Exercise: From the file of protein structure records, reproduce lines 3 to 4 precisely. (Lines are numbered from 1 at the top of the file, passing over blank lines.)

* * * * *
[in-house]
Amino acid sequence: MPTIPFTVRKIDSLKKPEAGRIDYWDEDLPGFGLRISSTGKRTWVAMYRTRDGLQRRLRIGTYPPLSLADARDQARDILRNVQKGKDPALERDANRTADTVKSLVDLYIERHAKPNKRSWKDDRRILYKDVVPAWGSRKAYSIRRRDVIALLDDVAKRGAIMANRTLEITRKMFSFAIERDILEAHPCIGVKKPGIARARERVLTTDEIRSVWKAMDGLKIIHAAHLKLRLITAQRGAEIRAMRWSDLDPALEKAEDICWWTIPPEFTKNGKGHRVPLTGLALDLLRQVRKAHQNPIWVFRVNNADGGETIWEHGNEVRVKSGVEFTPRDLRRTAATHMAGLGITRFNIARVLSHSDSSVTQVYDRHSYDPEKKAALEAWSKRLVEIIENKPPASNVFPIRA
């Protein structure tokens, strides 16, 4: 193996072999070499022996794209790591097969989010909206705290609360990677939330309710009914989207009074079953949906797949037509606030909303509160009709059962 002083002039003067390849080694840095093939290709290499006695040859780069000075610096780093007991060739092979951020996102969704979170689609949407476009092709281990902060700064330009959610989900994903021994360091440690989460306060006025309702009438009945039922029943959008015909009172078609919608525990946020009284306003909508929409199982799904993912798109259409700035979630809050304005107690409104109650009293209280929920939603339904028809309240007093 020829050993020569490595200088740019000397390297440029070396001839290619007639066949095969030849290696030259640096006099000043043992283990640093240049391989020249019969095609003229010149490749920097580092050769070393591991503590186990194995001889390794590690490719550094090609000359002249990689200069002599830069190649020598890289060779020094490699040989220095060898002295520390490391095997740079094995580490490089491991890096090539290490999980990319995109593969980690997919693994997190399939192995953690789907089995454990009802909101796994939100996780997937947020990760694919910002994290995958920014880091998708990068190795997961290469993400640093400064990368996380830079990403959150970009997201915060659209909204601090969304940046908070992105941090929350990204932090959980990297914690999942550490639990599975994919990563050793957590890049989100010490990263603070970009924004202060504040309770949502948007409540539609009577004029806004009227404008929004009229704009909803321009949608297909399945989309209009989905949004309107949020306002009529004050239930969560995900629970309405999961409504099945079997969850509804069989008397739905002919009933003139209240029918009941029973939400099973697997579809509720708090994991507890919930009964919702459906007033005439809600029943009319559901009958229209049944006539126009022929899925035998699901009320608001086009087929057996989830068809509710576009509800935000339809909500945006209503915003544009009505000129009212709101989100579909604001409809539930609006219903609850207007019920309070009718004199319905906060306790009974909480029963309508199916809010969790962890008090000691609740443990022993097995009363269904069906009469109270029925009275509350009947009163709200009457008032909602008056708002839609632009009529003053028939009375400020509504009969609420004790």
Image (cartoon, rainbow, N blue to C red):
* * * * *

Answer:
């Protein structure tokens, strides 16, 4: 193996072999070499022996794209790591097969989010909206705290609360990677939330309710009914989207009074079953949906797949037509606030909303509160009709059962 002083002039003067390849080694840095093939290709290499006695040859780069000075610096780093007991060739092979951020996102969704979170689609949407476009092709281990902060700064330009959610989900994903021994360091440690989460306060006025309702009438009945039922029943959008015909009172078609919608525990946020009284306003909508929409199982799904993912798109259409700035979630809050304005107690409104109650009293209280929920939603339904028809309240007093 020829050993020569490595200088740019000397390297440029070396001839290619007639066949095969030849290696030259640096006099000043043992283990640093240049391989020249019969095609003229010149490749920097580092050769070393591991503590186990194995001889390794590690490719550094090609000359002249990689200069002599830069190649020598890289060779020094490699040989220095060898002295520390490391095997740079094995580490490089491991890096090539290490999980990319995109593969980690997919693994997190399939192995953690789907089995454990009802909101796994939100996780997937947020990760694919910002994290995958920014880091998708990068190795997961290469993400640093400064990368996380830079990403959150970009997201915060659209909204601090969304940046908070992105941090929350990204932090959980990297914690999942550490639990599975994919990563050793957590890049989100010490990263603070970009924004202060504040309770949502948007409540539609009577004029806004009227404008929004009229704009909803321009949608297909399945989309209009989905949004309107949020306002009529004050239930969560995900629970309405999961409504099945079997969850509804069989008397739905002919009933003139209240029918009941029973939400099973697997579809509720708090994991507890919930009964919702459906007033005439809600029943009319559901009958229209049944006539126009022929899925035998699901009320608001086009087929057996989830068809509710576009509800935000339809909500945006209503915003544009009505000129009212709101989100579909604001409809539930609006219903609850207007019920309070009718004199319905906060306790009974909480029963309508199916809010969790962890008090000691609740443990022993097995009363269904069906009469109270029925009275509350009947009163709200009457008032909602008056708002839609632009009529003053028939009375400020509504009969609420004790």
Image (cartoon, rainbow, N blue to C red):